Murray Gell-Mann — American Physicist born on September 15, 1929,

Murray Gell-Mann is an American physicist who received the 1969 Nobel Prize in physics for his work on the theory of elementary particles. He is the Robert Andrews Millikan Professor of Theoretical Physics Emeritus at the California Institute of Technology, a Distinguished Fellow and co-founder of the Santa Fe Institute, Professor in the Physics and Astronomy Department of the University of New Mexico, and the Presidential Professor of Physics and Medicine at the University of Southern California. Gell-Mann has spent several periods at CERN, among others as a John Simon Guggenheim Memorial Foundation Fellow in 1972... (wikipedia)

I think also of my colleagues in elementary particle theory in many lands, and feel that in some measure I am here as a representative of our small, informal, international fraternity.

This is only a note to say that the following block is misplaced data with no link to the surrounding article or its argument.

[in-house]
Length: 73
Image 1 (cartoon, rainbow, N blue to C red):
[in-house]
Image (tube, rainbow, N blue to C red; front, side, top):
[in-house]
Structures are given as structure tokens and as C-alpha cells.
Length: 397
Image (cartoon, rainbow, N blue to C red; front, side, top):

Sometimes the probabilities are very close to certainties, but they're never really certainties.
If we look at the way the universe behaves, quantum mechanics gives us fundamental, unavoidable indeterminacy, so that alternative histories of the universe can be assigned probability.
If someone says that he can think or talk about quantum physics without becoming dizzy, that shows only that he has not understood anything whatever about it.
Enthusiasm is followed by disappointment and even depression, and then by renewed enthusiasm.